The Evolution of the Assessment of Health and Environmental Risks by the U.S. Environmental Protection Agency
Bourdeau, Karl S.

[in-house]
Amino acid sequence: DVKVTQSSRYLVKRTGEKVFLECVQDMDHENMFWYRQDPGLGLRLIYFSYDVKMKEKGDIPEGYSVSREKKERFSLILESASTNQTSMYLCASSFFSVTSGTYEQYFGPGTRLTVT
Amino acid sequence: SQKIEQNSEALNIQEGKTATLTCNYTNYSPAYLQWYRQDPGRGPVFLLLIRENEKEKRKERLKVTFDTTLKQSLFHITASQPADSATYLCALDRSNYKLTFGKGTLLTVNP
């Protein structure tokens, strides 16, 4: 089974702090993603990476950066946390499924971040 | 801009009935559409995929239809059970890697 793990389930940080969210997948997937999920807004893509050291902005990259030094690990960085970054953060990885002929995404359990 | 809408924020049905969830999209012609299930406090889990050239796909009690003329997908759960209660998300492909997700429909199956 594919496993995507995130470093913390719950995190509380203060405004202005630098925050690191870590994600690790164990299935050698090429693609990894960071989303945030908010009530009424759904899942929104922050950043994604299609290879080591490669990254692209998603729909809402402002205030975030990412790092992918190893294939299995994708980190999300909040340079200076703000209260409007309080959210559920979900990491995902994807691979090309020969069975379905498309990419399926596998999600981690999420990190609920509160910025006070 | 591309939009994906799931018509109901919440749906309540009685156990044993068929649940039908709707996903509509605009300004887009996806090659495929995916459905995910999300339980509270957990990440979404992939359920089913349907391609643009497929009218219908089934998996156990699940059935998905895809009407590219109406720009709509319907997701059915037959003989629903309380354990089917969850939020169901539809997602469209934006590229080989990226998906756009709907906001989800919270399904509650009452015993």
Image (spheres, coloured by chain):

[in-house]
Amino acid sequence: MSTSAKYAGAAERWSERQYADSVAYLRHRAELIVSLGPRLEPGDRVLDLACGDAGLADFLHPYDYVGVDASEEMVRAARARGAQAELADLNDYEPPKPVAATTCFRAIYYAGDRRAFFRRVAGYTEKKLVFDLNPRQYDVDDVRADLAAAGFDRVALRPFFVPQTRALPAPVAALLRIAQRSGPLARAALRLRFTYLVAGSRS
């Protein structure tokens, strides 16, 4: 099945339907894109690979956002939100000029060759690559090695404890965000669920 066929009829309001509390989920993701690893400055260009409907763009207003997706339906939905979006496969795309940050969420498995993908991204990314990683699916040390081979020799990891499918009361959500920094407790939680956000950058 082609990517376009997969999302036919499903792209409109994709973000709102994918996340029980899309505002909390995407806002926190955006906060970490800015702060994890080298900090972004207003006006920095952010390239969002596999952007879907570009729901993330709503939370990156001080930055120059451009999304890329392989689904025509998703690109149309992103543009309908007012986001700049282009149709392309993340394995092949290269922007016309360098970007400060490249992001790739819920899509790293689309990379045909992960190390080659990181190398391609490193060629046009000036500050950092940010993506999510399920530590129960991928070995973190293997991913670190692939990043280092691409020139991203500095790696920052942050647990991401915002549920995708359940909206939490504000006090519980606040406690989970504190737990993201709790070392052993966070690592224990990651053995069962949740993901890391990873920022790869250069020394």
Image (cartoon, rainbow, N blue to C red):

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The U.S. Environmental Protection Agency (“EPA”) has been at the forefront of human health and ecological risk assessment within the federal government since the 1970s. Over time, EPA’s risk assessment methodology has evolved considerably. In some respects, that methodology has become more “conservative,” e.g., through the evaluation of synergistic and cumulative risks and the focus on additional protection needed for sensitive populations like children. In other respects, EPA’s approach to the assessment of risks from environmental contaminants has become less “conservative,” e.g., by focusing on current and reasonably expected land use and exposures rather than all potential uses and exposures. Throughout this evolution, two common - and related - criticisms of EPA’s use of risk assessment in setting environmental policy and protecting against environmental exposures have been (i) a lack of transparency in how risks and actions to protect against those risks are determined, and (ii) a failure to communicate to the public the uncertainty attendant to EPA’s assessment of risks and the value of the risk reduction achieved in addressing them. The Agency has been criticized in many quarters for its failure to disclose adequately the numerous - and often highly conservative - assumptions upon which its risk assessments typically rest and its inadequate communication of the policy judgments that form the predicate for how much risk EPA considers “acceptable.” This session will address the basis and nature of these criticisms of EPA’s assessment and communication of human health risks associated with environmental contamination and how the Agency has responded to those criticisms.